Old-house experts share a safe, conservative approach to fixing a failing timber-frame sill beam.
Synopsis: Ian Schwandt, a carpenter specializing in the restoration of centuries-old homes, describes a particular project of removing rot from the exterior of a 1950s timber-frame farmhouse. His team began by adding stability to the structure with three boards in a triangle shape, and then began the process of cutting away the rotten areas of the sill with a host of tools. After the damaged sill was removed, two-part epoxy was used to stabilize the remaining wood. The team then fit and fastened a new sill, along with new lumber to support the existing framing where the damaged areas were cut away.
Most seasoned remodelers are used to structural repair work on platform-framed homes, whether it’s adding a window in a bearing wall, shoring up an overspan floor frame, or replacing a rotten sill plate. But the company I work for specializes in the restoration of centuries-old homes, which means we mostly deal with timber-frame construction—many times built by the original inhabitant of the house—and that’s a different ball game. Material species and sizes vary from one old house to the next, as does construction method, and there’s almost always been some remodeling work over the years that adds to the fun. So in our line of work, you have to carry a big bag of tricks.
On this particular project, a 1750s timber-frame farmhouse, the sill beam had sustained significant water damage from failed roof gutters and a grade that was actually above the foundation. In our experience, sills rot from the exterior side on the bottom, and this project was no exception. So rather than removing the entire 6×8 oak sill, we decided to cut away the rotten area on the outside of the beam and sister in a new 16-ft. pressure-treated 4×6 to handle forces from above and resist rolling or twisting. This allowed us to effectively fix the problem without disturbing the floor joists or inside of the house, or blowing the budget.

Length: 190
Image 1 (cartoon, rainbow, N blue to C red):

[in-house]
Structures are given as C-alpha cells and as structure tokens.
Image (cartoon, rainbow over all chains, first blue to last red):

Remove the rot
Sills tend to rot from the outside in, so repair work starts by removing any and all damaged wood, and then stabilizing the wood that will remain.
Excavate for nails – Hand-forged nails and other embedded metal will wreak havoc on sawblades and hand tools, and must all be removed. For large nails, we drill out the area around the nail shank, allowing room to get a good grip with pliers.
Kerf the sill – Making a series of parallel cuts with a circular saw, we increase the depth of cut incrementally to match the extent of the rot. A note of caution: Old-growth wood is very dense, so choose a high-amperage saw to avoid burning out the motor.
Clear way the waste – The bulk of the waste is removed using the claw of a hammer, chisels, pry bars, and a reciprocating saw.
Aim for flat and plumb – We use a drill and Forstner bit to fine-tune the surface of the cut-back sill beam, checking the surface for flat and plumb using a level.
Smooth and consolidate – After a quick pass using an angle grinder equipped with a sanding disc, the surface of the remaining wood is treated with Abatron LiquidWood, a two-part epoxy consolidant that penetrates and solidifies any remaining decay…
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How it Works: Wood Rot – No wood is completely immune to rot, so it’s important to know how it works.
Repairing Rot With Epoxy – Use these versatile materials, simple tools, and straightforward steps to revive damaged exterior trim details.
Preventing Cedar-Post Rot – You can’t completely stop wood from rotting, but you can delay the decay.
From FineHomebuilding #288
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